That was in the morning.

In the evening, I discovered an old friend’s sister who I’d grown up with, had made another attempt to take her life. This time she’d succeeded, whether she meant to or not, and her children had to make the decision to turn off their mother’s life support. Gut wrenching. It made me think of the rest of Mark Twain’s quote –

‘Life is short. Break the rules. Forgive quickly. Kiss slowly. Laugh truly. Laugh uncontrollably and never regret anything that makes you smile.’

I wondered about my old friend’s sister and whether she had a life that was full and meaningful to her. I believed she did. While I was sad that she was gone and for the family and their loss, my sadness was for the anguish my old friend’s sister must have endured through her life. Or had she? Her life was what she knew and who was I to judge it as one of enduring.

Mental ill health is growing by the minute. I see it in people around me and what I consider ‘extreme’ actions they can take. But to them, those actions aren’t extreme. It’s a way of coping with the daily torment they live with. It’s their reality. Their life. It may not be one of torment that I understand torment to be.

Some take ‘extreme’ actions that make perfect sense to them. I’ve seen what I consider  most irrational actions being taken where the person taking the action believes it to be perfectly rational – the shaving of eyebrows because it looks good and the dodging of cameras in every corner of their own home and in the streets, following their every move. The spying that occurs from being followed, to the point where holding up a 711 store at knife-point to distract those spies from following the family, to protect them, is the only answer. And the swallowing of pills, because that’s the only way.

Years have taught me to not inflict my biases onto those actions and the reasons behind them, to accept them as actions relevant to the person. I don’t have their experiences so how can I know. Truly know. It’s not easy or straight forward for anyone experiencing mental ill health to understand the effects of their thoughts and actions on others. The illness is all consuming, and a reality onto its own.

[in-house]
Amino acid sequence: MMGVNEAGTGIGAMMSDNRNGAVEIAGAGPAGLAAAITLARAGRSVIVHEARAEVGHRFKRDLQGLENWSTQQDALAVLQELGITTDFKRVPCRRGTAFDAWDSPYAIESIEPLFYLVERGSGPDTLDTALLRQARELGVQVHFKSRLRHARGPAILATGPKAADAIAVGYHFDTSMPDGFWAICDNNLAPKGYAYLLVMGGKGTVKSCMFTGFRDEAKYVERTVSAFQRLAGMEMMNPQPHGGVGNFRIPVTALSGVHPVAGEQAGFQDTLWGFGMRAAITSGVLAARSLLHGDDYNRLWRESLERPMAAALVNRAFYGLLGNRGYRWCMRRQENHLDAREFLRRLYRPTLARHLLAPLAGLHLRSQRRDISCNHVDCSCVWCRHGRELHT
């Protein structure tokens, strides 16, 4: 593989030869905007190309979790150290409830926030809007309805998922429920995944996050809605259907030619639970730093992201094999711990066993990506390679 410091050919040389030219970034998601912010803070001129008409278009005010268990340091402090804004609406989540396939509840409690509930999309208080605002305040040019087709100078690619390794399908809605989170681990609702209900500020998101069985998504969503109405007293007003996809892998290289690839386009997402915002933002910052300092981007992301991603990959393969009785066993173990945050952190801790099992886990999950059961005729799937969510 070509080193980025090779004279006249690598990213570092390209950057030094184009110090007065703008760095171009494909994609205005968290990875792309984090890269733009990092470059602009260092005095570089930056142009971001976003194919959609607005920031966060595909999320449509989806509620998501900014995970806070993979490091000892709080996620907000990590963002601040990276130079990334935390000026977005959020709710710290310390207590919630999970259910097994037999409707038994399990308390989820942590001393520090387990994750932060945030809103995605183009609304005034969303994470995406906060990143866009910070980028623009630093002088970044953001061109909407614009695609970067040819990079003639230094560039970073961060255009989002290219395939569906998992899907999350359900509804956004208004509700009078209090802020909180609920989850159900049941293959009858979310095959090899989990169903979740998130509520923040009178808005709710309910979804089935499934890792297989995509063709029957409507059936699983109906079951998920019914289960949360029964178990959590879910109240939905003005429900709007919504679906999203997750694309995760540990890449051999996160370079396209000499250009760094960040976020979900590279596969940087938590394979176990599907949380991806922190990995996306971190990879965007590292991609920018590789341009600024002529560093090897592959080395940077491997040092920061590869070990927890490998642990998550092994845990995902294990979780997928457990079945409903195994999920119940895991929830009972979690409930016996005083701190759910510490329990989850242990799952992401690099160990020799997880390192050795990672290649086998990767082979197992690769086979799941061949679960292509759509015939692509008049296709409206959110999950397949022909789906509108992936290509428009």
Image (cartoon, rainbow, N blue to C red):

Someone said to me yesterday that if the friend’s sister could see the hurt she’s caused, she wouldn’t have taken her life. While that may be a ‘Christian’ view, it’s not one I hold.

There is almost always commentary about the selfish act that suicide is. But what of the person experiencing the pain to the point of having no alternative but to take that action? I’m not sure they could see past their torment to understand the impact of their action. To me, there’s a selfishness in those that hold such beliefs that those experiencing such torment should act in ways that are appropriate, as appropriate in their eyes. I’m trying to be kind here!

Every day is a reminder to live life in a way that matters to me – Mark Twain ensures that, with his quote sitting on my desk for me to read each morning. He’s done that all year.

‘Life is short. Break the rules. Forgive quickly. Kiss slowly. Laugh truly. Laugh uncontrollably and never regret anything that makes you smile.’

While I work hard and may not take on each of those elements every second of every day of my life, I do aspire to them and make a solid attempt at achieving them. I can’t have everything all of the time and can’t always fit everything into a day that I might want. Life’s too short too for regrets and each mistake is a learning from a new fork taken in my road.